Asked how the defense establishments of both countries have responded to the idea, Ruhe said that when JINSA first proposed it three years ago, reactions from both were mixed, though more recently, he had been pleasantly surprised at the increasingly positive feedback from both countries.
“I think it reflects the fundamental convergence of Israel’s threat landscape with that of key Arab neighbors and U.S. forces in the Middle East, especially as EUCOM understandably returns to its traditional European focus on great-power competition with a revanchist Russia,” he stated.
Ultimately, since any conflict with Iran—whether Israeli, American or both—will occur mainly in CENTCOM’s area of responsibility, “it would be much easier for Washington and Jerusalem to coordinate or at the very least deconflict their forces if Israel were in CENTCOM; by the same token, this would also bolster deterrence against Iran.”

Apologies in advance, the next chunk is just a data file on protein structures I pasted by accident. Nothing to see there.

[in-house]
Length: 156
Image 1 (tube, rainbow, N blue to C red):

The report stated that the recent Abraham Accords between Israel, and the United Arab Emirates and Bahrain, reflect a growing strategic alignment between Israel and key American partners in the Middle East, driven primarily by rising Iranian nuclear and regional threats.
“American diplomacy played a central role in realizing the accords, underscoring the enduring importance of Middle East stability to our national security. The next big step, the report said, is to move Israel into CENTOM, which will enable improved strategic and operational coordination among the United States, Israel and our Arab partners throughout the region against Iran and other serious shared threats.”
The U.S. military divides its global presence into seven geographic combatant commands, each of which implements U.S. defense policy and exercises unified command over all American forces in its AOR.
In these capacities, they also work with and coordinate among partner militaries, effectively making each COCOM a primary mechanism for U.S-led regional cooperation on strategic planning, training, doctrine, logistics, intelligence, technology, procurement, operations and other critical military activities.